Richmond, VA – Yesterday, Virginia Republicans, for the second time, killed two historic bills: one that would have removed the shameful and discriminatory ban on same-sex marriage from our constitution and another that would have enshrined the automatic restoration of voting rights for people who have served their time and paid their debt to society into it.
WHAT VIRGINIANS ARE READING
Washington Post: Felon voting rights, same-sex marriage measures die in Virginia House panel
By, Laura Vozzella
“Republicans in control of a state House subcommittee voted Tuesday to kill two proposed constitutional amendments, one to lift a Jim Crow-era ban on felon voting and the other to repeal Virginia’s now-defunct prohibition against same-sex marriage.
The party-line votes mark the end of the road for the measures, which had bipartisan support in both chambers of the General Assembly last year but never made it to the full House for a floor vote this time.
A high school civics teacher, VanValkenburg noted that Virginia first imposed its lifetime voting ban on felons in the Jim Crow era.
“In 1902, when they put these barriers to voting in the constitution with the intent of keeping people from citizenship, Virginia was the worst democracy in the country,” he said. “We made Mississippi look like a hotbed of democracy. This is one of those last pieces from that era."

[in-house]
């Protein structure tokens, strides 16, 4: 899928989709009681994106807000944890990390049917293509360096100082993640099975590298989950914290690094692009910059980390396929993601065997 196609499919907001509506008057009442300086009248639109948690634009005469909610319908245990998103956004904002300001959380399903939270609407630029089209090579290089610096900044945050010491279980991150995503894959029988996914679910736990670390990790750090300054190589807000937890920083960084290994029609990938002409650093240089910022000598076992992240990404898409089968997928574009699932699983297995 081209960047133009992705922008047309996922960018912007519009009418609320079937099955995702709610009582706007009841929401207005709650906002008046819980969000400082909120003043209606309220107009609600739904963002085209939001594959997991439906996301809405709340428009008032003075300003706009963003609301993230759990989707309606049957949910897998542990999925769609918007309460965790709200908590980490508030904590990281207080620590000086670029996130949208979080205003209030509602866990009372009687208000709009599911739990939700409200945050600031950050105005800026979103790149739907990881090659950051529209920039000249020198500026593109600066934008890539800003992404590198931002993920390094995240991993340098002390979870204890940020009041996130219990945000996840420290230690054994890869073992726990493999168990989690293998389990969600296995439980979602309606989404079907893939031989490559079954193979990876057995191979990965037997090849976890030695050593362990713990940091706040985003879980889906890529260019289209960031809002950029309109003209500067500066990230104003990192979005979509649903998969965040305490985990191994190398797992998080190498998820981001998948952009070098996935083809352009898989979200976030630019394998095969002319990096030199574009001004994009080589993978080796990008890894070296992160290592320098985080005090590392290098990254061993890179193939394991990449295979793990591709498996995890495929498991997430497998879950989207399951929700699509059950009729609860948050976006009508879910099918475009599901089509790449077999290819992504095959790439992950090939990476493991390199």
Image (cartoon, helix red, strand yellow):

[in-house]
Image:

The ban on same-sex marriage was a much more recent addition to the constitution, with an amendment passed in 2006. It defined marriage as “only a union between one man and one woman.” That language remains, even after the U.S. Supreme Court legalized same-sex marriage in 2015 and struck down state laws banning it.
Associated Press: House GOP Again Kills Voting Rights, Gay Marriage Proposals
By, Sarah Rankin
For a second time this legislative session, Republicans in the Virginia House have defeated measures that would have sent two proposed constitutional amendments to voters in the fall.
One of the measures voted down early Tuesday in a subcommittee meeting would have let voters decide whether to strip legally outdated language prohibiting gay marriage from the state Constitution. The other would have let voters weigh in on whether to automatically restore the voting rights of felons who have served their terms.
“I am highly disappointed, after years of working on this problem, that the Subcommittee chose this route. Let the people vote,” the resolution's sponsor, Sen. Mamie Locke, said in a statement.
In Virginia, the governor currently has sole discretion to restore a felon’s voting and other civil rights, such as the right to serve on a jury or run for office.
Sen. Adam Ebbin, who sponsored the gay marriage resolution, told the subcommittee his measure would give voters a chance to remove a “stain” from the state Constitution and permanently enshrine the right to marry.